At the start of her engineering career in 1962, Irene Peden had already broken barriers as the first woman to graduate with a Ph.D. in electrical engineering from Stanford University. Irene joined the UW College of Engineering as its first female faculty member at a time when female engineering academics were rare. She became one of the College’s most well-known and respected engineers, spending her career helping others succeed by serving as a mentor and role model, and working to expand pre-college engineering education. Irene opened doors for female engineers to succeed on campus; today, the UW is a national leader with the highest percentage of women faculty in the top 25 U.S. colleges of engineering.
Irene fought for equal opportunities in her work and her research. She became the first female engineer to conduct fieldwork in the interior of the Antarctic, studying radio propagation in polar environments. At the UW, Irene served as associate chair of EE and associate dean of the College. She was dedicated to her students and peer faculty members, even inviting new faculty members to stay at her home while they looked for housing. She offered workshops on successful proposal writing for the National Science Foundation, widening her impact. The Irene C. Peden Fellowship was created in her name, and provides tuition, stipend and fees to female Ph.D. students in UW EE, who are underrepresented to this day.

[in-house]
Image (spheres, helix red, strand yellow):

Irene understood the importance of early education in engineering to widen the pipeline of engineering students. At the University of Colorado, where she graduated with her B.S., she supported its first K-12 engineering education outreach program; she also funded an undergraduate engineering scholarship at the institution.
She has received numerous awards, including the IEEE Antenna Society’s “Man of the Year” award, honorary doctorates from Michigan State University and Southern Methodist University, and election to the National Academy of Engineering.
More about Irene
Orignally posted on the University of Washington College of Engineering site. Video produced by the College of Engineering.